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close this bookBetter Farming Series 16 - Roots and Tubers (FAO - INADES, 1977, 58 p.)
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View the documentRoots and tubers
close this folderCassava
View the documentDescription of the plant
View the documentDifferent kinds of cassava
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View the documentThe place of cassava in a crop rotation
View the documentPreparing the soil for cassava
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close this folderThe use of cassava in food
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close this folderYams
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View the documentThere are many varieties of yam
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View the documentThe place of yams in a crop rotation
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close this folderThe use of yams in food
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View the documentFresh and mashed yams
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close this folderSweet potatoes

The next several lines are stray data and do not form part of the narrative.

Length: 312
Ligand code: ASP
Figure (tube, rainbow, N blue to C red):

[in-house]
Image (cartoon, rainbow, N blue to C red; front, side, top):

close this folderDescription of the plant
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View the documentVarieties of sweet potato
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View the documentYields of sweet potatoes and storing
View the documentSweet potatoes in human food
close this folderTania and taro
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View the documentTania or Xanthosoma
View the documentTaro or cocoyam (Colocasia)
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Yields of sweet potatoes and storing

YIELDS

Depending on the varieties of sweet potato and on the way they are grown, yields vary from 4 to 7 tons per hectare on average. On a modern and well- cared- for plantation, yields may be much higher, and may even be more than 20 tons per hectare.

STORING

The length of time for which sweet potatoes can be kept differs with the varieties and the harvesting season. If they are harvested in dry weather, the tubers may be stored for 2 or 3 months.

But part of the harvest may be destroyed by rot during storage. Damaged tubers are most quickly attacked. Damp conditions encourage rot.

To prevent rot, dry the tubers in the sun for a time after harvesting.

For good keeping, the tubers of sweet potatoes should be harvested when they are quite ripe, when the stems and leaves have turned yellow. Take care not to damage the tubers. Remove all diseased and damaged tubers. Dry the tubers in the sun. Store them under cover in a dark, dry, cool, well- aired place. Put them on dry ground or on boards supported on posts, and do not heap them up too much.